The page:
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Video: Creating A Flower Arrangement With Hosts In The Shade
Types and features of hosts
The list of ornamental plants for shade is small, however, you can always find something that will satisfy your need. Hosta is one of the best herbaceous plants.
Hosta is also known under the names "funkia" and "plantain lily". Hosta belongs to the Liliaceae family, has about forty varieties. They are all natives of Japan. The common name "host" was introduced in 1812 in honor of the outstanding physician Nicholas Thomas Host (1761-1834).
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After World War II, gardeners around the world took an unusual interest in these amazingly lush and beautiful plants. By the way, new types of hosts are still being discovered. For example, in 1985, a plant search expedition in the most isolated regions of the Japanese archipelago discovered two previously unknown hosta species.
These unusually hardy, attractive diverse groups of plants for colder locations tend to thrive best in shade or partially shaded areas. They adapt to different conditions, but grow preferentially in the northern regions and less well in the south. Extreme drought and humidity do not scare them.
The host has ornamental leaves basal or petioled silvery-blue, bright yellow, gold, yellow-green and from light green to dense green color scheme. All styles of variegation and a wide variation in sizes and outlines are inherent in them. Many varieties have a golden color of young leaves, which subsequently disappears.
The color also changes from the degree of illumination. In the sun, gentle transitions from one color to another change. In the shade, they fully reveal their charm. Hosts come in a variety of sizes. For example, some species only grow up to a few centimeters high and have cute small leaves. Others - form a bush up to a meter high and up to 1.5 meters wide.
The leaves can be long and narrow, round, oval, cordate, or pointed. The texture of the leaves is very good, from smooth to deeply ribbed. Hostas are good not only with leaves, but also with beautiful bell-shaped or funnel-shaped flowers on slender, strong peduncles 25 to 100 cm long. Flowers are lavender, lilac, purple and less often white. They are especially attractive on overgrown hosts, when they reach the age of more than 2-3 years.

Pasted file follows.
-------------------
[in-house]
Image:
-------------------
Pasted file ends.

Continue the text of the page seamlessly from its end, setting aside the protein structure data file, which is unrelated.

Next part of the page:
Hosts are easily propagated by seeds. At the same time, they reach full decorativeness in 3-5 years. Sowing should be done immediately after harvesting the seeds. They reproduce well vegetatively - by dividing a bush with compact or short-branched rhizomes. It is better to divide the bush in the spring. The host can also be propagated by cuttings.
Using host in garden design
The plant is unpretentious. It is undemanding to the soil, but it prefers loose and nutritious soils with a depth of the fertile layer of at least 50 cm. It is patient with dry sandy soils, moderate moisture and even damp conditions.
Hosts are shade favorites with gorgeous leaves and flowers in mid-summer. They grow rapidly. Winter hardiness. Since the roots of the host are exposed by the end of summer, in late autumn they need to be poked up, protecting them from the winter cold.
Due to their decorative qualities and variety, hosts are indispensable for creating garden compositions. They are used in flower beds of any type - in tapeworms, when creating curtains, arrays, in the border.
In the flower bed, tall large varieties successfully occupy the central part of it, and low compact varieties - in the foreground.
Hosta Ginko Craig
In the rabatka, they take pride of place in the background (high) or as a front border (low varieties). In the mixborder, among the many herbaceous perennials, the host will always find a place. It will harmoniously fit into the lush inflorescence of perennials and annuals.
On the edge of the path, medium-sized hosts, such as the SoSweet variety, are appropriate. This hosta has dense green leaves with white edges and very attractive flowers. Golden Tiara is a hosta with long, heart-shaped leaves with yellow edges.